9 Ways to Improve Warehouse Productivity

Feb 06, 2013 6:00 AM  By

No matter where you decide to locate your facility, your order fulfillment operations are critical when it comes to creating a positive customer experience. So it’s imperative that your warehouse functions at peak operational efficiency.

Here are some steps merchants can take right now to improve their warehouse productivity:

Sort bins by top hits. If product is properly binned, most of your picks will be done in the first 20% of hits. Re-evaluate the top-hits items regularly. Inventory is a living, breathing animal that is always changing.

Separate bulk items from the small picks. Fifty-pound cases are brutal picks. They should come directly from a pallet to the final staging area if yours is not a giant conveyor warehouse.

Use picking manifests so that multiple orders can be pulled at once. Large orders can be picked separately, but you can combine five or six small orders together in one picking manifest, where they are separated in final boxing.

Give your customer a special touch. The packing station of your warehouse should be one where employees think about the product they are about to ship out—not about which box to use, or how to best wrap something for shipments. Instead, have several package-size options already available that have been predetermined to fit your products. This will save you not just time, but also shipping costs.

Start kitting. Kitting is a great way to save time and materials—and to streamline the pick-and-pack process.

Always keep your employees’ working conditions in mind. For example, if there are concrete floors within the warehouse, there should be fatigue mats placed where your employees stand. If it is a quite area, have some music playing to help boost morale and, ultimately, productivity. Climate control is a must within your warehouse; be sure you think about spaces that should have fans or heaters.

Include your employees in the decision-making. It’s not just the working conditions that will help productivity within the warehouse. You need to make your employees a vital part of your operation. Many successful merchants incorporate their employees’ feedback when they are making business decisions. Let your employees voice their opinions—some of their ideas might do amazing things for your business. Remember, if you care about the working conditions and opinions of your employees, they will care about their jobs.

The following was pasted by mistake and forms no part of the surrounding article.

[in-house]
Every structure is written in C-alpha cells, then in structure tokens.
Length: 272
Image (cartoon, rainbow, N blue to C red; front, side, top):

Automation

Another way to improve efficiency within your warehouse is through automation. Not only does it decrease the physical demands on your employees, it can also help retailers meet their ecommerce demands.

Companies around the globe are also leveraging automation in the warehouse to improve the distribution center work environment. Automation has become more affordable, and many retailers have found that it has also increased productivity.

Automated fulfillment systems leverage faster robotic technology, data inventory systems and a re-examined strategy of how warehouse space is utilized. They can also save workers time and energy. As ecommerce grows, companies should consider automated storage and retrieval technology to accommodate fulfillment needs and also improve workers’ quality of life.

Some vendors and merchants are now beginning to use robotic workforces within their warehouses. One such vendor based in Massachusetts uses 70 robots within its 275,000-square-foot facility that serves several online retailers and aids in the shipping of 24,000 units a day.

Warehouse Management Systems

Another key to efficiency within the warehouse can be found with order and warehouse management systems.

According to MCM Outlook 2013, 52.6% of respondents are currently using some type of order management and fulfillment system. The survey also found that shipping and delivery systems are used by 49.6%, warehouse management systems are used by 41.5%, customer relationship management systems are used by 46.3%, and 23.7% use enterprise resource planning.

The Report also showed that 13.8% of respondents who work within operations and fulfillment anticipate purchasing an order management system in the next 12 months, although the majority of respondents, 59.3%, said their main focus was to upgrade.

Since most warehouse management systems are able to manage inventory as products are being assembled, there are several benefits to implementing a management system in your fulfillment center. Some of these include:

• Improved customer service and reduction of errors

• Improved labor management, increased productivity and reduced costs

• Improved inventory control and inventory location, pinpointing of aged inventory, decreasing shrinkage and, often, reduction in overall in­ventory levels

• Savings on inbound and outbound transportation

• Maximization of space utilization in the warehouse

• Improved order management throughput and meeting same-day ecommerce shipping requirements, thus increasing capacity

• Ability to manage multiple product and order profiles for direct, retail and wholesale channels in a single system

• Optimization of the supply chain, including trading partner and vendor managed inventory

But before you commit to a type of system, you need to identify what within the warehouse needs productivity increases and cost reductions. Then you should ask yourself, do these functions require a WMS?

If your answer is yes, do a formal RFP process. During this process you should ask for vendor demonstrations, make reference calls, visit the sites of companies given as references by the potential vendor, etc. In other words, do your homework. Then, make your final decision.